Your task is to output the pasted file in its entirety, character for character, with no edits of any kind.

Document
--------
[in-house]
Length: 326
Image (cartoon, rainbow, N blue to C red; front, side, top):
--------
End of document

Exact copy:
[in-house]
Length: 326
Image (cartoon, rainbow, N blue to C red; front, side, top):